Ok, ok. Just like the Kranks couldn’t really skip *all* of Christmas, we can’t and don’t really skip all of Halloween. Much as we wish we could wave a magic wand and make it go away or pretend it doesn’t exist, we can’t. It’s everywhere and there is no escaping it. We now simply do what works for US and for OUR family.
Thankfully, we are now well past the days of ridicule and scorn. Now it’s just our norm. All the neighbors (at least the ones we care about) know we’re home and they keep an eye on things. In fact, last year our next-door neighbors purposely deflected all the trick-or-treaters away from our house so they wouldn’t keep ringing our doorbell and then sneaked in our back door to borrow some pantry items for dinner. The ones who took issue with it before have moved away, outgrown the hype of it just like we have, or realized what they think doesn’t matter and we’re going to do what we do regardless…and that we have a lot of fun doing it.
Making it Work
We’ve learned a few things over the years that we’ve been doing this. One of the biggest things is that in order to make it work, we have to prepare in advance. We learned the hard way that going to the store, even in the morning or middle of the day on Halloween isn’t safe. Too many people come to the store dressed up at all hours of the day and the other kids that are in there are unruly, obnoxious, and do stupid things like sword fighting in the isles with fake bloody swords.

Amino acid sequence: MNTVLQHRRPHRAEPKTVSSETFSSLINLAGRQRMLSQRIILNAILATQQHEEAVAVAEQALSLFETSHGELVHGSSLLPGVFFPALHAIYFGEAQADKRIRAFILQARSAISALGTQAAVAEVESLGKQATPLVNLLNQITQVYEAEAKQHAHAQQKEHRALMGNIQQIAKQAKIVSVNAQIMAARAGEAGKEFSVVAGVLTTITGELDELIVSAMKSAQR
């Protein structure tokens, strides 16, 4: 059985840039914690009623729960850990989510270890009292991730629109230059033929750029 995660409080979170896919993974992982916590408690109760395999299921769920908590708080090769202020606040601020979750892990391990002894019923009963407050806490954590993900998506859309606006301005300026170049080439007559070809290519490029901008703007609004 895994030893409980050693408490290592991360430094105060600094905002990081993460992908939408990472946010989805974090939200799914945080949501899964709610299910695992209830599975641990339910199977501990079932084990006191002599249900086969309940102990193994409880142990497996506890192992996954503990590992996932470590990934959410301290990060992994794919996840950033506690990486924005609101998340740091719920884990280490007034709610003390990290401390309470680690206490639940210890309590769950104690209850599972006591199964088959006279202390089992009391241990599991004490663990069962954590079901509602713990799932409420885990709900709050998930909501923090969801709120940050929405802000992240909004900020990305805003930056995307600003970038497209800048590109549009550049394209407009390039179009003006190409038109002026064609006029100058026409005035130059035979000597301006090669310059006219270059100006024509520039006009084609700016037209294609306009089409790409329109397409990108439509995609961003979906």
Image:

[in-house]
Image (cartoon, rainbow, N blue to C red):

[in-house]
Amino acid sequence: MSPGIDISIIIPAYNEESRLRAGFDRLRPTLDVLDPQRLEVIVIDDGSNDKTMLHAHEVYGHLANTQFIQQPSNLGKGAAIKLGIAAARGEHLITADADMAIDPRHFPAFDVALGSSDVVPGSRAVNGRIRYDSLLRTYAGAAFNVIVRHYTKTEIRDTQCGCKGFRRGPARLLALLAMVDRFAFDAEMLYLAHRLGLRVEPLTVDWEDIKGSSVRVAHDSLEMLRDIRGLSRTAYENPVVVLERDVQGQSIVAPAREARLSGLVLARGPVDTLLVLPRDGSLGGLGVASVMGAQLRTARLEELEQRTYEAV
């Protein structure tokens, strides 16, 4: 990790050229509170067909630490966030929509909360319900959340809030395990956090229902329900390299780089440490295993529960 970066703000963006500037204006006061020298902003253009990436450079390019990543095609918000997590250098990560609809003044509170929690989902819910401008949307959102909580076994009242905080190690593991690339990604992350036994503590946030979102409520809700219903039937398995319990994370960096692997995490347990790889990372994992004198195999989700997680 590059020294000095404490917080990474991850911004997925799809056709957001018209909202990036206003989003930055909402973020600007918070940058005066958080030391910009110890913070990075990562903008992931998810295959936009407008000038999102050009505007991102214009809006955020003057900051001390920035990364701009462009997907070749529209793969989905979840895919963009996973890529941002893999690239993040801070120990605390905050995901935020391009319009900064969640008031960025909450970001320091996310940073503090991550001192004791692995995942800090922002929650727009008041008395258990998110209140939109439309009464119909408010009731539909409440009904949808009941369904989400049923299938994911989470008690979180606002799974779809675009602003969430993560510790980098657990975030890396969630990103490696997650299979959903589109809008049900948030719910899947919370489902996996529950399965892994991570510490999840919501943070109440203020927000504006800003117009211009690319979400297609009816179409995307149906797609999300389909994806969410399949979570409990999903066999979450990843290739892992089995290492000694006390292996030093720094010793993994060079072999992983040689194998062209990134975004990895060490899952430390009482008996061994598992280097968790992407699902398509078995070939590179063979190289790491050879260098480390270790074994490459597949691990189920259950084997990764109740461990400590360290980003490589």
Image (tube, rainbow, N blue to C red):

My kids also quit going to school on Halloween. This was especially true when they were in elementary school. The celebrations, decorations, and costume parades were all intense triggers and WAY too much for them. Once they hit middle school and high school, depending on what activities are going on that day, they can decide whether to go or not. If the decide not to, I call them in sick…because PTSD is a very real illness. We stay home, hang out in our jammies, watch tv, make cookies, and get things ready for our special family night.
That’s not all, though. During the rest of the month of October, we skip the church Halloween party, as well as all other school festivals, office parties, and specifically Halloween themed community events. We don’t carve pumpkins, and I got rid of all the trick or treat buckets and old Halloween decorations (some of which I’d had for years and years.) The only thing I kept were my happy faced lighted pumpkins, which still adorn the top of my hutch all month long.